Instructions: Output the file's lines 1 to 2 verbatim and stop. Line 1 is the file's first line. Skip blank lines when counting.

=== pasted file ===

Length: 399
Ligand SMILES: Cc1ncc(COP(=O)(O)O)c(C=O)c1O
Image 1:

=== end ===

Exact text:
Length: 399
Ligand SMILES: Cc1ncc(COP(=O)(O)O)c(C=O)c1O